Delivery of medical care in these theatres has improved dramatically since 2003. Allied forces have built several state-of-the-art hospitals that can withstand mortar and rocket attacks. The evacuation system has improved dramatically. Wounded American soldiers are almost immediately air evacuated to centers in Germany, after they have been stabilized at Combat Support Hospitals.

From a medical standpoint, devastating musculoskeletal injuries and traumatic brain injury (TBI) almost define the wars in Iraq and Afghanistan. As in previous wars, innovative treatments and improved comprehension of pathophysiology have arisen in response to new and evolving mechanisms of injury. An example is the recent discovery of diagnostic proteins found in the serum of patients with mild TBI. Other advances have been made in hemorrhage control, surgical débridement, and fracture stabilization.

Just like many others in the military, medical personnel are overburdened with multiple deployments. A small cadre of orthopaedic colleagues is giving selflessly to save lives and preserve function in wounded soldiers.

In addition to active-duty orthopaedic surgeons, a group of about 70 Reserve and Guard surgeons rotates in Iraq, Afghanistan, Germany, and, occasionally, in continental bases. This number represents less than one third of 1 percent of practicing orthopaedic surgeons and is shrinking.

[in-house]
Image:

To address this shortage, the armed services, especially the Army, have tried to minimize deployment disruptions. My deployment 7 years ago was open-ended; today, deployments are fixed at 90 days and predictably established at least a year in advance. The service obligation has been reduced from 8 years to 2 years for physicians aged 43 to 60 years who want to serve their country but not risk multiple absences from work and family.

Because deployments rarely are more often than every 24 months, physicians choosing the 2-year track will likely have just one deployment. The Department of Defense has also created strong financial incentives including loan repayment and large bonuses for those who choose to serve.

George Washington said, “Every citizen who enjoys the protection of a free government owes not only a proportion of his property, but even of his personal services to the defense of it.” Those words drove me to join the army at age 48 after 9/11. Many orthopaedic surgeons have given a hefty proportion of “property,” but very few have given “personal services” by serving in the military. My experience in Iraq was not only the most rewarding medical experience of my career, but working with individuals of supreme character in service to their country was one of my greatest life experiences.

I urge all orthopaedic surgeons to heed Washington’s words and talk to a medical recruiter to learn the options available to them.

Surgeons interested in more information should contact their local military medical recruiter or Trish Green at (800) 984-1610 or trishg@mediacross.com

Aid and Comfort to the Enemy: A Surgeon’s View of the War in Iraq will be available at the 2011 AAOS Annual Meeting from the Society of Military Orthopaedic Surgeons (SOMOS); all proceeds are donated to SOMOS.